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Question #1 – Family Based Immigration
As a Lawful Permanent Resident, can I file an I-130 petition for my family members?
Answer #1 – It depends upon your relationship to that family member. As an LPR, you may only petition on behalf of your spouse, your children, and your unmarried sons and daughters (21 and older). An I-130, Immigrant Petition for Alien Relative will need to be filed for each qualifying family member.
Question #2 – Visa Interview
If I do not speak English, when I go to my interview for my visa, will a translator be provided for me or will I need to provide one myself?
Answer #2 – It depends upon the type of visa you are applying for and from where you are applying for the visa. Most Consulates have counters were different languages are spoken. If you are applying in the U.S., when you go to your visa interview, you will need to provide a translator for yourself. This translator should not be an interested party in your case.
Question #3 – Green Card
If my permanent residence card has expired, do I need a visa? Or is it possible to renew my permanent residence?
Answer #3 – A green card is valid for a period of 10 years; you may renew 6 months prior to its expiration. You may renew your green card by filing Form I-90 with the USCIS.
Question #4 – Conditional Permanent Residence
Are there any type of restrictions on a Conditional Green Card? Once I get my green card, can I travel out of the country?
Answer #4 – A conditional green card is only granted for a period of two years. Within 90 days of the expiration of the two year anniversary period, you must file to remove those conditions (Form I-751) with the USCIS, or risk losing conditional green card status and being deported. With a conditional green card, you may travel outside of the U.S.; however, you should limit your trips abroad to less than one (1) year to avoid any abandonment issues, unless you have applied for a re-entry permit.
Question #5 – Change of Address (Form AR-11)
My family and I are in the process of moving to a new home this summer. How do I notify the USCIS of this change? I have a pending I-485 for myself, my wife and child.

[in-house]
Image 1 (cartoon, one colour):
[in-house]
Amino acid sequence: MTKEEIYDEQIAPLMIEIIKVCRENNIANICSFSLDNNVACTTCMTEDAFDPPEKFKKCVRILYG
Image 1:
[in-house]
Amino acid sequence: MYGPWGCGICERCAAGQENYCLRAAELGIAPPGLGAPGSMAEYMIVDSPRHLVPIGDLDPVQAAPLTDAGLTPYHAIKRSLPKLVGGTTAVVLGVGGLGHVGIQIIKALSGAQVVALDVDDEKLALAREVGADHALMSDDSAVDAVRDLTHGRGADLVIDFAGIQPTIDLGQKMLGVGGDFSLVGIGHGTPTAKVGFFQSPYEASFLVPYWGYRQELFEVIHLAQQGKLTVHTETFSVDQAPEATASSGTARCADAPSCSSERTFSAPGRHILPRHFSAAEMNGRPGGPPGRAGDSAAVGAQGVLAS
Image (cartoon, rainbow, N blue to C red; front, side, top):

Answer #5 – To notify the USCIS of any address change for any pending cases, the process consists of two (2) steps:
Question #6 – Green Card
Can I change my employer once I receive my Green Card or is there a waiting period?
Answer #6 – Our recommendation is that you wait at least six (6) months after receiving your green card before changing employers.
Question #7 – H1B Nonimmigrant Work Visa
What is the minimum time period for which an H1B visa can be issued? Can it be less than 3 years? If yes, what is the minimum number of years for which my employer can sponsor me for a visa?
Answer #7 – It depends. I’ve seen H1B approvals for the entire three (3) year period, and cases approved for only two (2) months. You should speak with an Immigration Attorney concerning your circumstances.
Question #8 – J-1 Visa
My niece has a J1 visa and some things have occurred and now the sponsor wants to cancel her visa. My question is what is the time period that she has to leave the country without incurring any unlawful presence?
Answer #8 – Considering the circumstances, if your niece’s visa was cancelled, she should make arrangements to leave immediately. If your niece’s visa has expired, which is different – you should speak with a qualified Immigration Attorney.
Question #9 – Employment Based Immigration
I have an approved I-140 in the EB-3 category. My new employer wants to file an application for me in the EB-2 category. Can I make the switch if I believe I am qualified?
Answer #9 – If the employer offers you the position, and you are able to satisfy the minimum education and experience requirements for the position, you should be able to make the switch and petition to recapture the earlier priority date at the I-140 stage.
Question #10 – L1 Intracompany Transferee Work Visa
How long can one stay in the US on an L-1A visa?
Answer #10 – If the L1A recipient is coming to open a new office in the U.S., the initial L1A visa will only be valid for a period of one (1) year. The recipient will then have to petition the USCIS for an extension of stay in L1A status. The max limit in L1A nonimmigrant visa status is seven (7) years.
MVP Law Group would like to thank everyone who contributed a question or comment.
Our next “Immigration Q & A Forum” is scheduled for Friday, September 20, 2019!
Please remember to submit your questions/comments on our H1B Visa Lawyer blog!